|I don't even make this face when watching gross X-Files episodes.|
Here's the thing--I don't think it's a Star Trek episode. At least, it shouldn't be. This episode is all about Janeway undergoing a sacred, religious, alien ritual in an attempt to get an answer for how to cure Kes (who walked into a weird alien field and got zapped into a death-like sleep.) An alien woman goes along with Janeway on this totally BS ritual and Janeway, all the while, is a willing participant who figures (as a scientist would/should) that any supposed spiritual benefit this ritual grants will also be physiological and replicable and will lead to a cure. Ultimately Janeway finishes this crazyness and Kes is cured and they move along with Janeway saying something kind of vaguely condescending about The Doctor's scientific explanation of what happened.
Here's the thing: if this were a Chakotay (who is inherently spiritual) episode, I don't think I'd have as much of a problem. Of course, then it wouldn't be an episode. Chakotay would just walk straight through this business chanting a-koo-che-moya and lighting sage or whatever and it would take five minutes and he'd be like, "Here's the cure." Because that's how Chakotay rolls.
You know how Janeway rolls? With the effing Scientific Method. That's how.
And this entire time, the "guide" (pretend you can hear me saying that with utmost sarcasm) offers the kind of higher-than-thou patronizing smiles and nods that only the deeply religious can truly muster. Trust me. I grew up in the Bible Belt and I'm well attuned to the familiar "Bless his heart, he's going to Hell," passive aggressive attitude.
Anyway, yes. The guide unnerves me. Yes, the giddy condescension of everyone involved makes me grumpy. But I think what really gets under my skin about this one is summed up in a line uttered by one of the maybe spirit guardians, maybe ancestral spirits, maybe bored old fogies in a cave, "If you can explain everything--what's left to believe in?"
I mentioned The X-Files earlier. It's one of my absolute favorite shows. I grew up with it and I love it to my core. I read somewhere that this episode's writer compared Sacred Ground to an X-Files episode. And, yes, this would've worked there. But Star Trek isn't The X-Files. Star Trek isn't about the struggle between science and faith. It's not about seeking out paranormal explanations when normal ones are the most probable. It's not about looking for wonder in the supernatural.
Star Trek is about finding wonder in the physical universe, in the science of exploration, and in humanity itself. If you can't understand why these things are magnificent, beautiful, awe-inspiring, complex, and, yes, wondrous, then I'm not sure you get the whole Trek mission. And, as the captains of Trek are sort of the human embodiment of that mission, I feel like it completely goes against the conceit of the show to do an episode where Janeway finishes up with a "we don't have to understand everything" mentality.
Maybe I'm not getting my point across. A few weeks ago Scott and I went to New York for the express purpose of seeing Penn and Teller on Broadway. I've been a fan since I was in 1st grade and saw their amazing "Don't Try This At Home" special. My husband has been following them practically his whole life. We always said if they ever went back to New York (their career took off in NYC about thirty years ago) that we would go. No matter what. We'd find a way and we would go. And so we did. And it was... magical. Anyway, P&T often end their Vegas show with their version of the bullet catch. It's loud. It's showy. It's amazing. It's perfect...except that both Scott and I have always preferred their alternate show ending. Fire eating.
In a recent interview for NPR Penn recalls the great Richard Feynman (who'd brought some fellow Nobel winners and his wife along to a show) approaching him afterward and saying, "I wanted them to hear that monologue, and I especially want my wife to hear that monologue because she has never understood how those who look for answers are the ones who love the mystery the most. I could never explain that...your fire eating monologue does that."
So, thanks to the internet, here's Penn's complete fire eating monologue. It's hella long but it's beautiful and worth the read. But, if you ever have a chance to see them live... go see them.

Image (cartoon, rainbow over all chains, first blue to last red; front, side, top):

[The stage is dark. Penn speaks to the audience.]
Everything that Teller and I do in this show comes from a love that we share of the American Sideshow.
[Penn lights a candle. He is seated on a stool.]
Now, the real name for the freak show is the Ten-in-One Show, and it's called the Ten-in-One Show because you get ten acts under one tent for one admission price.
When I was a kid I used to go the Franklin County Fair-- That's where the carnival came in my hometown. And that fair would be in town about ten days every year, and every one of those ten days, I'd go to the fair, and every day at the fair, I'd end up at the Ten-in-One Show. And I loved the freak show. I loved it because you'd pay your seventy-five cents and you were allowed to go into a tent with people who were entirely different from you, and then you could just stare at them.
And I loved the freaks, but I especially loved the self-made freaks, the fire-eater, the sword-swallower, the tattooed people, because they had made an extra decision to be there. I can remember standing in that tent watching the fire-eater and I swear my whole life was there; it meant everything to me.
And my friends would go with me to the Ten-in-One, but my friends were different, 'cause they took the whole show as some sort of weird challenge, and all through this fire-eater's perfect act, my friends would be talking. And they'd be saying stuff like, "Oh, I know how he does that, Penn, he just coats his mouth with something." They would try to convince me there was sort of something you could just smear in your mouth, then go suck on a soldering iron, and it wasn't going to hurt you.
And it's not just kids -- it's also adults-- and it's usually a man, and it's most often a man who's with some woman he's trying desperately, and often pathetically, to impress. And I'll hear this guy who just thinks he's got to pretend to know everything, you know? So he's saying stuff like, "Oh, don't worry about him honey, he's just using cold fire." Yeah. [He laughs]
Or needles. Now the reason that Teller and I are working together today, is about thirteen years ago I saw Teller on stage in Jersey, alone and silently eating those needles. When I watched him up on that stage I got that same feeling in my guts that I used to get watching the fire-eater as a kid, and I knew we had to work together, and we have been ever since.
Now, I go in to the lobby during intermission. I have a cola and I talk to folks and I hang out. But the whole time I'm talking, I'm also try to listen, and I've learned a lot from eavesdropping on you guys for all these years. And one of the things I've learned is there's a certain kind of person who comes to our show, and they may like the show, but they don't get it. And these are the people who cannot accept mystery.